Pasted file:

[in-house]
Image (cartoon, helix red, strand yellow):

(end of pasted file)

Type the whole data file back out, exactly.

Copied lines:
[in-house]
Image (cartoon, helix red, strand yellow):